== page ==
By Ashley Yeaman
Baylor’s School of Social Work Texas Hunger Initiative is partnering with Share Our Strength, a national non-profit organization, to fight childhood hunger in Texas.
The four-year partnership will focus on the No Kid Hungry campaign, a national effort to end food insecurity in children by 2015.
Food insecurity occurs when an individual faces hunger or lives in fear of starvation.
Share Our Strength will provide $230,000 to the Texas Hunger Initiative this year to fund its activities. In addition to funds, the partnership also brings a wealth of experience to the initiative.
Share Our Strength has partnered with several other public and private organizations in more than 13 states to streamline the administration of organizations that support childhood food programs, said Beth Drew, the No Kid Hungry campaign manager at the Texas Hunger Initiative.
“In any project, it’s very beneficial to have someone who’s been there, done that and has that practical experience,” Drew said. “I think it’s a great partnership.”
When Dr. Jeremy Everett, director of Texas Hunger Initiative, met with Share Our Strength prior to the finalization of the partnership, he said he felt the two organizations shared common goals.
“Their dreams for domestic food insecurity reduction seemed to be just simply in line with what we’re doing,” Everett said. Texas Hunger Initiative and Share Our Strength will work together this year on two primary objectives: to increase access to breakfast for children through in-school programs and expand access to summer meal programs.
“Our goal is that we will increase overall breakfast consumption in Texas by 6 percent this year, which will affect 89,000 children each day,” Everett said. Their efforts will target 10 school districts.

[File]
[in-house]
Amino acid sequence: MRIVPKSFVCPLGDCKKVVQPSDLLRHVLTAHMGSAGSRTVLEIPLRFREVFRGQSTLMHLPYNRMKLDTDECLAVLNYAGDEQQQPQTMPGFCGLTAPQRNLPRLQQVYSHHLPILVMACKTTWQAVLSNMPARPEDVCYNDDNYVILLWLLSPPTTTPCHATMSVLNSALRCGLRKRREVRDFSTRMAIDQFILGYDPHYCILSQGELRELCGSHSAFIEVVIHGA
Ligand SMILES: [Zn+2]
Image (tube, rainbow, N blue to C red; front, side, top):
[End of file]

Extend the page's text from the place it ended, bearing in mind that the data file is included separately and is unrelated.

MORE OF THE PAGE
“In the summer of 2010, we increased summer meal access by 2 million meals over the course of the summer for kids in Texas. Our goal for 2011 is to match that number,” he said.
Drew said the two organizations will work with state agencies and private programs.
“We’re working on the state and local level to make sure these programs, like Breakfast in the Classroom and summer meal programs, run as efficiently as possible,” Drew said. “Money just sits up in the federal government right now, and we’re not utilizing it as best we can.”
Drew said the best way to implement these programs involves cooperation between state and private agencies.
To coordinate conversation among groups, task forces will be established to focus on specific projects, such as the summer meals program, Drew said.
Drew said the ultimate goal is to change the current system.
“Changing the actual infrastructure of the system is going to be a lot more beneficial in the long run than trying to figure out where the next handout is going to come from,” said Drew.
“That’s not to say that those programs are bad. Food banks are incredible, and there’s an absolute need for them. But our goal is to make sure that infrastructure is in place so we can get the money we need for this and people can get the food they need,” she added.
To jumpstart awareness of the No Kid Hungry campaign, the Texas Hunger Initiative organized a media event from 11 a.m. to noon on Wednesday, Oct. 12, on the south steps of the State Capitol in Austin.
Baylor students, faculty and staff are invited to attend the launch and an information session on childhood hunger that will take place from 9:30 a.m. to 10:30 a.m. in Room E2.014 at the Capitol.
Transportation will be provided. To RSVP, visit www.texashunger.org.
At Baylor, the Texas Hunger Initiative and CitySquare, a non-profit that exists to fight the roots of poverty, hosted a screening of the documentary “Food Stamped” on Sept. 29, followed by a panel discussion.
This event marked the beginning of a lecture series that will engage students on hunger issues, said Laura Hilton, program coordinator at Texas Hunger Initiative.
“We’d like to develop sort of a consistent way for students to be involved with THI and to just gain from hearing some of the people we get to work with on a day-to-day basis,” Hilton said.
Everett said the lectures can also show students how it’s possible to make positive changes toward stamping out issues such as hunger.
The next lecture will take place from noon to 1 p.m. Nov. 3 in the School of Social Work Room 320.
There will also be a second media launch event for the No Kid Hungry campaign. It will occur Nov. 9 in Dallas at the Dallas Farmers Market.